Congressman seeks clemency for Massachusetts Marine convicted of killing Iraqi

Don Conkey

U.S. Rep. William Delahunt is seeking clemency for a Plymouth Marine sentenced to 15 years in military prison for the murder of a civilian in Iraq.

“This kid is a really good kid who thought he was doing the right thing, that he was protecting his fellow Marines,” Delahunt said Wednesday.

A military jury on Aug. 2 found Lawrence Hutchins III guilty of murder, conspiracy, making false statements and larceny in the April 2006 death of Hashim Ibrahim Awad in Hamdania.

Hutchins was acquitted on charges of kidnapping, assault and housebreaking.

In addition to the prison sentence, Hutchins was reduced in rank from sergeant to private and given a dishonorable discharge and a reprimand.

Delahunt, a Democrat from Quincy, has sent Marine Lt. Gen. James Mattis, a commanding officer with jurisdiction in the case, a letter seeking full clemency for Hutchins.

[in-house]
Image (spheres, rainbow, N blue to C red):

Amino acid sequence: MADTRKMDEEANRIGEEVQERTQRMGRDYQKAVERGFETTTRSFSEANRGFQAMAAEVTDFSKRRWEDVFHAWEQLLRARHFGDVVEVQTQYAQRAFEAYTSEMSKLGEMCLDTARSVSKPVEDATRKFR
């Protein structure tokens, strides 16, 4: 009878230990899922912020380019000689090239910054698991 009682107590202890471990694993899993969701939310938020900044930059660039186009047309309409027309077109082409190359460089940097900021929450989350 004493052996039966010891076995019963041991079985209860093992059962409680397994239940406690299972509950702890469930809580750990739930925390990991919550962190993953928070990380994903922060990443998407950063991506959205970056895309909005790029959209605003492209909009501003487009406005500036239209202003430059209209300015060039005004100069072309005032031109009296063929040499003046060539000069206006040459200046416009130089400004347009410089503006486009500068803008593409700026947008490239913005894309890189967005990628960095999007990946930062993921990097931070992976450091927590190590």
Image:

All eight of Hutchins’ squad members were charged in the slaying and either pleaded guilty or were convicted. He is the only one still in jail.

Last week, Mattis granted clemency for three members of the squad, eliminating their remaining jail time. Other squad members had already been released from the brig.

Mattis met with Hutchins last week, Lt. Col. Sean Gibson, a Marine spokesman, said Wednesday.

Mattis is still reviewing Hutchins’ situation and clemency is still possible, Gibson said.

It could take as long as several months before Mattis makes a final determination about Hutchins, Gibson said.

Meanwhile, Delahunt said he will keep pushing for Hutchins’ release.

“This war was a mistake from the beginning, and we all share a collective responsibility. We sent this kid there. He is a victim, and his family members are victims,” Delahunt said.

Lawrence Hutchins Jr. of Plymouth, the Marine’s father, said Delahunt “has been a great supporter of our family through this, and we appreciate his making all the effort to help.”

He said his son’s lawyer has advised the family to decline further comment while the clemency request is pending.

Delahunt said that while it is tragic that an Iraqi man was killed, “that is why we have clemency. There are extenuating circumstances, harsh realities of Iraq.

“It is a balancing act that goes on. And we don’t want to compound a tragedy.”

Don Conkey of The Patriot Ledger (Qunicy, Mass.) may be reached at dconkey@ledger.com.